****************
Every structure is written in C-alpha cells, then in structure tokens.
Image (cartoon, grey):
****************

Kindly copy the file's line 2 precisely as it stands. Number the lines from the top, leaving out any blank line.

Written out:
Image (cartoon, grey):